LeBron James should be back in the lineup Monday night, but the problems the Cleveland Cavaliers are facing run far deeper than what could be the occasional absence of their biggest star.
Just ask J.R. Smith.
Cleveland's sharpshooter took his team to task after its third loss in four games, a funk it will try to end as it opens a four-game homestand against an Indiana Pacers team that could soon find itself on the outside of the playoff picture.
Tyronn Lue decided to rest James on Sunday, and perhaps accustomed to mimicking their leader, the rest of the Cavs took much of the afternoon off as well. Cleveland (41-17) fell behind by as many as 30 in a 113-99 loss to Washington.
The Cavaliers' most energized performance seemed to come in the visitors' postgame locker room from Smith, who didn't attempt a 3 in 18 minutes but shot straight about his team's issues.
''If we're going to play with a lack of energy ... and come out and play the way we did today,'' Smith declared, ''we shouldn't be who we are and be in these uniforms.
''We can't play basketball like this going down the stretch. ... You talk about contending or being a championship contender and you're blown out ... and get thrashed, make it look good at the end. We can't do that. If we're serious about who we're supposed to be, we can't do this."
They'll try to bounce back by improving to 8-4 on the second end of back-to-backs, and James is expected to return after missing his first game since Dec. 5.
He's only shot 42.2 percent in two games against the Pacers (31-28) this season but got to the free-throw line 24 times in a pair of tight Cavaliers wins. Kyrie Irving had 25 points while Kevin Love and Smith had 19 apiece in a 111-106 overtime victory at Indiana on Feb. 1.
Paul George was held to 11 points on 3-of-15 shooting in that loss and posted a nearly identical line Sunday against Portland. This time George made one more of his 15 attempts to finish with 11, and the Pacers could never recover from allowing 39 points in the first quarter of a 111-102 loss.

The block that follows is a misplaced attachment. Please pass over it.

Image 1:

Monta Ellis, who had a team-high 18 points but shot 6 of 17, seemed to channel Smith afterward. The Pacers are sixth in the Eastern Conference, but they're only a game from being out of the picture entirely.
"We need to bring all the energy we have," Ellis said. "We've dropped two and we can't do that with how tight everything is right now. We need to leave it all on the court (Monday)."
The Pacers are 3-8 closing out back-to-backs, and the issues with no rest seem to stem from a lack of energy on the defensive end. Indiana allows 106.1 points per game on the second end of back-to-backs compared with 99.2 with at least a day between games.
The Cavaliers are better defensively with no rest - an East-best 93.2 per game allowed as opposed to 98.2 otherwise - but their fatigue shows on the offensive end. They're averaging 96.7 points after playing the day before, a precipitous dip from their 104.4 otherwise.
The NBA's ninth-best 3-point shooting team overall (35.9 percent) is its sixth-worst (33.2) with no rest, and much of that has to do with Smith's struggles. He shoots 31.9 percent from deep on back-to-backs and 43.1 percent with time off.
As long as James has been around, the Pacers haven't had any success in Cleveland. The Cavaliers have won 13 straight at home against Indiana with James in the lineup dating to his second year in the league.